Of course, I will be searching the Old Testament for insight in due course, but I wanted to start with the New Testament. The verses above paint a picture of something beyond me, not owned by me, not contained by me, not controlled by me. Here’s where I am so far. God’s qualities which make him God are not understandable by humans like me. When I think of ‘transcendence’, words like omnipotent, omniscience and omnipresence come to mind. I cannot relate. However, the effects of his transcendence are visible, material and tangible. This is the direction I’m following at the moment.

A fruitful enquiry as to God’s transcendence might be to consider the effects on his creation of his invisible qualities (Romans 1.20). Those who trust his nature will benefit from his nature.

Conclusion

As of today, there are 15 days between now and the day I am due to deliver the talk. Ideas are swirling around my head. Your input would be most welcome. I am writing today’s blog to clarify my own thinking and to request your thoughts.

A fruitful enquiry as to God's transcendence might be to consider the effects on his creation of his… Click To Tweet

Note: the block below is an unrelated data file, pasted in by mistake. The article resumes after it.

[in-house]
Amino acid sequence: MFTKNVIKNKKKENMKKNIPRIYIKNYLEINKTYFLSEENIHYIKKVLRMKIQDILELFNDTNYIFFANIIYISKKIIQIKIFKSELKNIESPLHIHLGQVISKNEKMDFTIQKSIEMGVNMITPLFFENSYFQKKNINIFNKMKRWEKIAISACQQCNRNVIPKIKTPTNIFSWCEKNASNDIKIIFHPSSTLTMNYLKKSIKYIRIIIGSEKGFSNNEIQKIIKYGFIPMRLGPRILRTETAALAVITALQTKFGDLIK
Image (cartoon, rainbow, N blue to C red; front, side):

Question

When you think of the transcendence of God, what comes to mind? Do you have a way of picturing it which helps you? Do you think I’m on target so far? Would you suggest I add anything? Are there any scriptures relevant to the topic? Please let me know by leaving a comment below.

I know I will be very grateful and so will other readers of the blog and listeners to the podcast. We learn best when we learn in community.

Many thanks, and God bless,

Malcolm

By the way, if you’d like some personal coaching on developing spiritual disciplines in your life, click on the badge below and find out more.

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Tuesday Teaching Tip, Episode 73: “How to Find the Right Questions to Answer”

What questions are hidden in a passage?

Before we preach from a passage in the Bible, we need to know what the questions are. Those questions need answering before we decide what to bring to the congregation. I share here one of my techniques to discover the questions using Accordance Bible software.

 

Thank you for watching this video or listening to the audio

Please add your comments on this week’s topic. We learn best when we learn in community.

Do you have a question about teaching the Bible? Is it theological, technical, practical? Send me your questions or suggestions. Here’s the email: malcolm@malcolmcox.org.

Thanks again for watching and listening. Have a terrific Tuesday, and a wonderful week.

God bless,

Malcolm

The Sunday Sample 3rd September 2017

Reflections on Corporate Worship

Date:  Sunday 3rd September 2017

Location: Bracknell

Special Occasion: none

The service in Bracknell this Sunday was a delight. Most summer wanderers had returned. It was good to see familiar faces again. Many of which had been significantly tanned. 

Speakers